The Nordic Capital Operations Team drives the digitalisation effort and are exploring a number of different alternatives on how to best support the portfolio companies
Not every company will aim to be the next Google but digitalisation is relevant for all businesses as they use technology advancements and “big data” to increase revenue, enhance customer relationships, drive cost improvement and transform business processes. It is businesses that are looking to the future and evolving accordingly that are best placed to succeed in the long term. As such, digitalisation is prioritised by Nordic Capital during the investment process and throughout the ownership period.
Commitment to digital advancement
From the investment outset, a digital element is integrated into Nordic Capital’s due diligence process, looking at customer/consumer online purchasing behaviour; website performance; social media presence; analysis of new or potential entrants and digital developments in related industries; and the future business model and value chain sustainability (e.g. risk of disruption).
This focus and continued commitment to digital advancement as a means to improve profitability and enhance growth continues into the ownership period and is considered a key element of the board agenda. This is facilitated by using a range of management tools that include regular digital audits, disruption assessments and innovation pilots; as well as providing portfolio companies with training and access to other CIOs and an extensive network of digital advisers.
Then at the point of exit, digital due diligence is again applied to pre-empt prospective buyers and form a clear view on digital opportunities. A digital vision for the company’s future is an important element of the equity story.
Digitalisation in action
Nordic Capital’s portfolio companies have a wide range of digital initiatives underway. While some such as CINT and ERT are already digital transformers, others are demonstrating how digitalisation can support the development of more traditional businesses.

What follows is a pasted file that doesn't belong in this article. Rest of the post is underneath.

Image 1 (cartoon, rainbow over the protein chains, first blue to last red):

An example is Quant, which recruited its first Chief Digitalisation Officer in April 2017, is also using digitalisation to drive a step change its business. For over 25 years, the company has been a market leader in maintaining and improving the safety, production and equipment performance for over 300 facilities around the world.
For Quant, the primary benefit of digitalisation is to improve the way it interacts with, and provides service, to its customers. In recent years, it has developed a portfolio of digital tools that enables the business to connect efficiently with customers and staff, gathering maintenance data in the most efficient way possible. The company is now using digitalisation to enable it to move away from calendar based maintenance to a condition based approach, which is a very significant step for the business, reducing the risk that customers’ equipment is over or under maintained and subject to downtime. With the use of smart sensors and enabling technology that captures and manages data, Quant is able to understand much more about machine behaviour, enabling it to offer customers predictive maintenance capability, better reporting and planning, increased operational efficiency, reduced manpower and lower cost. In this way, digitalisation is helping Quant to solidify its position as a global leader in the growing market for industrialised maintenance.
One of the next waves of technological advancement comes in the form of Artificial Intelligence. For Quant, augmented reality is becoming increasingly relevant for its customers and OEMs and so the business is working to develop its own capability so that it can interface with them as seamlessly as possible. It is using advanced analytics today and has also started to look at using AI to understand and predict machine behaviour.